Q&A: Imperfect Produce, the "Ugly" Fruit and Vegetable Service

It’s hard to blame them, but it’s time to change. That stack of beautiful, perfect apples at your grocery store hides an ugly truth. They’re too pretty. That’s a problem, because Americans waste 40 percent of the food produced every year; we throw out about $165 billion worth of food annually. And major grocers are a big reason for that. Most of them have strict cosmetic guidelines for any fruit they take from farmers. The apples have to be the right size. The peppers can’t be shaped weird. Eggplants can’t look like butts. Some farm workers are taught to not even pick produce that doesn’t fit the grocery standards. Perfectly good, healthy produce that isn’t attractive enough—wasted.

Granted, grocers have to sell food. Branding matters. They believe Americans won’t buy "ugly" fruits or vegetables. Market by market, Ben Simon, CEO and cofounder of Imperfect Produce, is proving them wrong. His company takes "ugly" fruit and vegetables from farmers that would otherwise go to waste, puts them in a box, and sends the little freaks of nature to customers. Started in San Francisco in 2015, so far Imperfect has saved over 30 million pounds of good, albeit unhandsome, fruit and veggies. And in September, they expanded their subscription service into the San Diego market. Here, Simon talks with me about how a college dining hall inspired the idea and why launching in San Diego was a "no-brainer."

How did you get into the business of food waste?

About seven years ago, friends and I had been involved in fighting hunger through canned food. At one point we saw a lot of really good food wasted at our college dining halls. Whole pizzas and bins of pasta tossed out. So we worked with the dining hall for our first initiative, Food Recovery Network. We did 15,000 pounds in our first semester at University of Maryland. We’re now at 230 colleges around the country. I started to ask advisers where the most food is getting wasted that could be recovered. And they all pointed toward farms. So I had to go to California. I had somebody take me to farms across the state. I saw how much food is getting wasted because it’s too ugly. Every time, the estimates from farmers were between 15 and 30 percent. They called it "byproduct." It’s the same fruit, just not the right shape or color.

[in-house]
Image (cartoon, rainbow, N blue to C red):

Did you try to talk to grocers?

Grocery stores don’t even fully understand the negative impact on growers and the market. I spoke at a pitch competition. Various heads of sustainability for mainstream grocers were there, basically laughed me off the stage that regular people would buy fruits and veggies shaped like this. They were oblivious to what I’d learned from their growers just a few months earlier. We said, "There are all these people who want to buy ugly fruit and veggies, and at the same time the grocers are skeptical. So rather than pitching grocers, let’s go to the people."

How is Food Recovery Network different from Imperfect Produce?

FRN is a nonprofit focus with students, delivering to local soup kitchens. Imperfect is a for-profit business. Our mission is to eliminate food waste and to better food systems by recovering these 20 billion pounds.

How does it work?

It’s a home delivery business. Customers can design their own custom boxes. It’s a lot of fun on our social media. We love to post pictures of our VIPs—very imperfect produce. We always pick out our celebrities, like the eggplant that’s got a nose.

What has the reaction been?

We’re now serving eight markets around the country, on the West Coast, the Midwest, and Texas. We recently passed 30 million pounds of produce recovered. Press has been a big part of the story. We got tremendously lucky that the media took a huge interest. During our launch, we were covered by PBS, the New York Times, and a whole feature story in National Geographic—a few months into launch, we were on the cover.

You’ve said "wasted produce is wasted water." Explain.

Around 70 percent of fresh water in the US is used to grow food, according to the National Resources Defense Council. Given we waste about 40 percent of food, 25 percent of all fresh water is wasted on food that’s never eaten. On average, dozens of gallons of water go into growing every pound of produce. It would’ve taken close to a billion pounds of water to grow the produce we’ve saved. Why San Diego? The city’s a no-brainer. Plus my brother, uncle, and cousin live there. They’ve been asking me for years to bring it to San Diego.

Is it cheaper than buying "perfect" produce at a grocery store?

We pay a different company in each of our markets to scope out the grocery stores every week, and we shoot to beat that by 30 percent. Assuming you put at least 18 or 20 pounds of produce in your box, you should be saving money with Imperfect over a middle-of-the-road grocer. If you create a small box, like $10, after that $5 delivery it’s on par or a little more expensive than a grocery store.

Did you ever think Imperfect would grow this big?

Not a chance. I got into this as a college student volunteer. I didn’t make a dime the first two years, working 20 hours a week. After that life as a nonprofit, barely making enough to live, I never thought we’d be able to make this a real business. I had no idea there would be any money in food waste. And frankly, I didn’t care.


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